Chad Higgins, an Oregon State University agricultural engineering professor, stands beneath a 30-foot steel tower in the middle of a hazelnut orchard a few miles southwest of Amity, and points up to a jaw-like contraption that looks like it should adorn the side of a spaceship.

These sensors, he says, will measure water that evaporates from the ground and the trees into the air from a 15-acre portion of the orchard.

At the base of the tower, wires snake into the dirt, measuring soil moisture. In a few weeks, young tree trunks will be pierced with sap sensors, measuring the moisture moving through the trees.

Higgins and his students are collecting the data to see what the hazelnut trees are doing in real time, hoping to establish guidelines that new hazelnut growers can use to plan the most efficient irrigation schedules in the Willamette Valley.

The guidelines for most crops are created by gathering information from sensors or historical records. Most of that data is publicly available online at AgriMet, a program of the U.S. Bureau of Reclamation that, among other things, lists recommended watering schedules in charts specific to crops.

Missing from those charts, though, is the data for the latest hazelnut cultivars, recently developed to replace trees susceptible to the Eastern Filbert Blight. The blight in the Northwest, and in other parts of the world, has devastated hazelnut crops. Added to the blight’s damage, world trade and distribution unrest has disrupted international hazelnut growers, who once produced more than 90 percent of the world’s crop. The world market’s loss has been a boon to Oregon growers who have expanded acreage from about 30,000 in 2014 to nearly 70,000 last year, according to Polly Owen of Oregon Hazelnut, a nonprofit branch of the Nut Growers Society.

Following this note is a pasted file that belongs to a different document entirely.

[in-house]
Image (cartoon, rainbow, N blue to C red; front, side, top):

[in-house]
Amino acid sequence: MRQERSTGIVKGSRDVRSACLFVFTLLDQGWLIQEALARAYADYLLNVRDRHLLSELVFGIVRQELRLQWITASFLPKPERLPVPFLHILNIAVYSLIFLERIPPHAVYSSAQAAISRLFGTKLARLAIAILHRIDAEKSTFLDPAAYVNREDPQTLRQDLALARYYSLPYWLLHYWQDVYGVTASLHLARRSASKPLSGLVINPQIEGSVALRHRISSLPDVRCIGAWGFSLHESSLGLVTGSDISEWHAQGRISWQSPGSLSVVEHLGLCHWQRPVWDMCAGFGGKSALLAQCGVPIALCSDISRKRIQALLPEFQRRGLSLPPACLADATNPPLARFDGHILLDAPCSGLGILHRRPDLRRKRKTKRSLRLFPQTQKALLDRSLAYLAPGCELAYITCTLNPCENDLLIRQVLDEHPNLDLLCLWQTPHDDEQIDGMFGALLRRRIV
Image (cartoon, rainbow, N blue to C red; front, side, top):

“I see the change in the valley and it’s exciting, but there needs to be an equal amount of information to support it,” Higgins said.

Higgins hopes to help growers who are planting the resistant cultivars, especially the Jefferson hazelnut, by setting irrigation guidelines that fit the new types of disease-resistant hazelnuts — guidelines that now do not exist. To that end, he has established a research station in a 100-acre orchard a few miles southwest of Amity, where he is gathering data that may set optimum irrigation standards for the new cultivars.

Despite lack of specific funding, Higgins has pieced together equipment used in similar OSU research on other crops, to gather data on hazelnut irrigation.

Higgins chose this particular field for its location in Yamhill County, its healthy Jefferson cultivars, and its owner’s dedication to innovations. The trees here are young, blight-free, and productive, Higgins said. The owner is trying various drip irrigation methods, including some double lines, to see if extra water increases yield. The owner is experimenting with denser plantings, with plans to remove extra trees this fall. Small solar panels send power to the instruments.

Higgins’ sensors are taking 20 measurements of nine variables every second. By December, the information will be assembled and analyzed. If all goes well, his findings, in the form of irrigation recommendations, will be available online by the start of irrigation season in 2019.

“Where is the sweet spot?” Higgins said of irrigating hazelnuts. Too much water washes away valuable nutrients and wastes resources, money and energy. Too little stresses the tree. “We’re trying to find out.”


For more information about other water resource research at OSU, visit the webpage at

Current crop water-use data, and other graphs and maps for Pacific Northwest growers is available at

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